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3 strategies to help FTOs teach situational awareness and improve officer safety

What can the FTO do to help properly accelerate this process?


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This feature is part of Police1’s Digital Edition, “Officer Down! A Police1 Survival Guide.” Download the guide here.

By Sergeant Dan Greene

Situational awareness is a common and complicated term in law enforcement.

Historically, situational awareness is seen as a skill learned over time through repetition and experience. Trainers often leave it to fate and the maturation process to teach a junior officer situational awareness.

The risk of leaving this up to fate and experience is the damage that can be caused in the learning process. Both academic and physical scars can be the result of experiential learning. These risks are magnified while training in the field where “life lessons” are the primary educational delivery system.

Field training officer (FTO) is another common and complicated term in law enforcement.

The FTO carries a large responsibility: Teach situational awareness without leaving scars. Teach it properly so that your young officer is safe on the job and can act as a reliable backup to their peers one day. No small task for sure.

The question is, what can the FTO do to help properly accelerate this process? The answer is that it’s complicated.

Here are three strategies every FTO should use to effectively train this life-saving skill.

1. Situational awareness is in the mind

Think of your understanding of the world around you. How you perceive potential threats is all in your mind. For anyone else to understand how you perceive the environment you’re working in, you need to communicate it. The same is true for your student officers. As a trainer, you need to get into the mind of your student. Since most of us are not mind readers, this can be difficult. Here are two tips:

  • FTO visualization: This training technique is specifically useful in the student’s early phases. This is where the FTO nearly continuously speaks out loud to the student about what the FTO sees, hears, smells and most importantly, how they perceive those observations. This allows the student to listen and begin to absorb and translate the environment in the same way their FTO does. This is a combination of experiential learning with an existential lesson. It may sound like this, “I’m going to park about 10 houses down from the target house and avoid parking under this streetlight. That way we can approach on foot in the shadows. This is a safer approach and helps us in case of an ambush. By the way, don’t slam your door shut!”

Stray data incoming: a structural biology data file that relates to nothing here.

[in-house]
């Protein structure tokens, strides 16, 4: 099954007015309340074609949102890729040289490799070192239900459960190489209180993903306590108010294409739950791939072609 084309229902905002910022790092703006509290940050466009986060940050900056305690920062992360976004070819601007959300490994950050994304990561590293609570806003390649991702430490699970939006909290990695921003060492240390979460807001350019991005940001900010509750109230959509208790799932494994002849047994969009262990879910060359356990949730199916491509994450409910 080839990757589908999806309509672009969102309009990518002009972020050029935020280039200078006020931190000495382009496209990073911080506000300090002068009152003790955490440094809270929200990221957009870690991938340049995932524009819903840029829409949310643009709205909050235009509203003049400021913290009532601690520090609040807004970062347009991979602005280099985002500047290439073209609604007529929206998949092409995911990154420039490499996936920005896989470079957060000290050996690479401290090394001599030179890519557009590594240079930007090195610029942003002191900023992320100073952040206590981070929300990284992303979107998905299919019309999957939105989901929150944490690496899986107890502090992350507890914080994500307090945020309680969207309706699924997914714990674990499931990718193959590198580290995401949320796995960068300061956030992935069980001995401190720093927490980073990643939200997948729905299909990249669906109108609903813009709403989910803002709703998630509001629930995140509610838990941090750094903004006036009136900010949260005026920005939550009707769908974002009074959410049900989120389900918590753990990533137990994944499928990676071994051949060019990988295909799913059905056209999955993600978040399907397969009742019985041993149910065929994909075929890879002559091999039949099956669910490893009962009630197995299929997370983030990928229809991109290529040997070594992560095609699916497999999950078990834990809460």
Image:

• Student visualization: This is the reverse of FTO visualization and is especially useful in the later stages of training after the FTO has helped develop a foundation of situational awareness. It’s important here that the FTO not omit the existential part of the lesson. You might hear the student speak out loud about the shadows, the streetlights and the car door, but you may not hear them explain the “why.” Be sure to ask them why they are doing what they are doing and how their observations help improve their officer safety.

2. Situational awareness is both environment AND behavior

An FTO needs to train a new officer to be acutely aware of both the environment and people’s behavior. On top of that, the FTO needs to train how the two of them are related to one another.

A man with a knife threatening suicide as he walks away from an officer into a busy retail box store is a serious threat that gives officers little to no discretionary time. The combination of behavior and environment creates a volatile scene and requires officers to act quickly, possibly with a high level of force.